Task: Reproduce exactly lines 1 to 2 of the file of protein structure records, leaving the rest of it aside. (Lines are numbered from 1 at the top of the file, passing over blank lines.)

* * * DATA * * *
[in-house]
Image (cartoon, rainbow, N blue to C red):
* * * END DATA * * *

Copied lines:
[in-house]
Image (cartoon, rainbow, N blue to C red):